“detailed factual allegations” but must contain more than mere “labels and conclusions, and a
formulaic recitation of the elements” or “naked assertion[s]” devoid of “further factual
enhancement.” Twombly, 550 U.S. at 555, 557. An “unadorned, the-defendant-unlawfullyharmed-me accusation” will not suffice. Iqbal, 556 U.S. at 678. “While legal conclusions can
provide the framework of a complaint, they must be supported by factual allegations,” id. at 679,
which “raise a right to relief above the speculative level,” Twombly, 550 U.S. at 555.
Under Twombly and Iqbal, “[a] plaintiff . . . must plead facts sufficient to show that her
claim has substantive plausibility.” Johnson v. City of Shelby, 135 S. Ct. 346, 347 (2014). If the
plaintiff “inform[s] the [defendant] of the factual basis for [her] complaint, [she] [is] required to
do no more to stave off threshold dismissal for want of an adequate statement of [her] claim.” Id.
In evaluating a motion to dismiss, the court can “choose to begin by identifying pleadings
that, because they are no more than conclusions, are not entitled to the assumption of truth.”
Iqbal, 556 U.S. at 679. Turning to any “well-pleaded factual allegations,” the court should
“assume their veracity and then determine whether they plausibly give rise to an entitlement to
relief.” Id. The court may only consider the initial pleadings. Brooks v. Midwest Heart Grp., 655
F.3d 796, 799 (8th Cir. 2011).
Defendant argues that Plaintiff has failed to state a claim for violation of the Missouri
Merchandising Practices Act (“MMPA”), breach of contract, breach of the duty of good faith and
fair dealing, and promissory estoppel. Defendant further argues that Plaintiff’s claims should be
considered noncognizable educational malpractice claims. Because the Court rejects Defendant’s
arguments at the pleading stage, the Court will deny Defendant’s Motion to Dismiss.
Missouri Merchandising Practices Act
Defendant contends that Plaintiff failed to state a claim under the MMPA because the
alleged conduct took place in Switzerland; she failed to plead her claim with particularity
required of fraud allegations; and that applying the MMPA to conduct in Switzerland would
constitute a violation of the commerce clause.
The MMPA prohibits “[t]he act, use or employment by any person of any deception,
fraud, false pretense, false promise, misrepresentation, unfair practice or the concealment,
suppression, or omission of any material fact in connection with the sale or advertisement of any
merchandise in trade or commerce or the solicitation of any funds for any charitable purpose . . .
in or from the state of Missouri.” R.S. Mo. § 407.020.1. The MMPA provides a private right of
action for “[a]ny person who purchases or leases merchandise primarily for personal, family or
household purposes and thereby suffers an ascertainable loss of money or property, real or
personal, as a result of the use or employment by another person of a method, act or practice
declared unlawful by section 407.020.” R.S. Mo. § 407.025.1. Thus, to prevail on her MMPA
claim, Plaintiff must show that she: “(1) [purchas]ed merchandise from defendant; (2) for
personal, family, or household purposes; and (3) suffered an ascertainable loss of money or
property; (4) as a result of an act declared unlawful by section 407.020.” Chochorowski v. Home
Depot U.S.A., Inc., 295 S.W.3d 194, 198 (Mo. Ct. App. 2009).
The Court rejects Defendants arguments regarding the MMPA. The alleged conduct is
clearly geographically encompassed by the MMPA as Plaintiff alleged that “Webster University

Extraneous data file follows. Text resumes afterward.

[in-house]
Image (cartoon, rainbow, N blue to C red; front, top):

supervises and regulates its foreign campuses from its home campus in Webster Groves,
Missouri.” [Doc. No. 1 at ¶ 3]. Plaintiff’s complaint meets the heightened pleading standard
required by Rule 9(b) of the Federal Rules of Civil Procedure in that she extensively detailed the
factual events underpinning her claims—including the names of relevant individuals, as well as
the dates times, and locations of key events. Finally, the case law Defendant cites for its
commerce clause argument is wholly inapposite. Accordingly, the Court finds that Plaintiff has
stated a claim for a violation of the MMPA.
Breach of Contract
Plaintiff alleges that her July 12, 2012 meeting with Dr. Spencer produced a contract,
through which he promised to set a new defense date in mid-August, and Plaintiff promised that
she would not “take the matter higher, or otherwise pursue the failure to conduct the July 10,
2012 meeting.” [Doc. No. 1 at ¶ 60]. Defendant contends that Plaintiff’s allegations are too
vague to properly aver a meeting of the minds between Dr. Spencer and Plaintiff; that any
alleged agreement fails for want of a specific date for the August meeting; that Plaintiff’s actions
in refraining from further pursuing the matter did not constitute valuable consideration; and that
the alleged oral contract is unenforceable under the statute of frauds.
“To make a submissible case for breach of contract claim, a plaintiff must allege and
prove: (1) a mutual agreement between parties capable of contracting; (2) mutual obligations
arising out of the agreement; (3) valid consideration; (4) part performance by one party; and (5)
damages resulting from the breach of contract.” Intertel, Inc. v. Sedgwick Claims Mgmt. Servs.,
204 S.W.3d 183, 203 (Mo. Ct. App. 2006) (citing Norber v. Marcotte, 134 S.W.3d 651, 658
(Mo. Ct. App. 2004)).
The Court finds that Plaintiff’s allegations are not too vague to allege a meeting of the
minds between Dr. Spencer and Plaintiff. Defendant’s arguments that Plaintiff failed to
adequately allege any conditions precedent Plaintiff would need to take prior to the August
meeting and what specific further action Plaintiff promised to refrain from taking are unavailing.
Accepting Plaintiff’s allegations as true—as the Court must, Iqbal, 556 U.S. at 679—the terms of
the alleged contract were quite clear: Dr. Spencer promised to set a date in mid-August for
Plaintiff’s thesis defense, and Plaintiff promised not to pursue the matter further. Per the alleged
agreement, Plaintiff did not need to meet any conditions precedent before the August meeting,
and the actions she promised to refrain from taking involved bringing the matter to a level of
authority higher than Dr. Spencer. Further, the fact that Plaintiff alleges only that she and Dr.
Spencer agreed that Dr. Spencer would set a date in mid-August for her thesis defense, but did
not agree to an exact date, is not enough to derail her claim at the pleadings stage. Plaintiff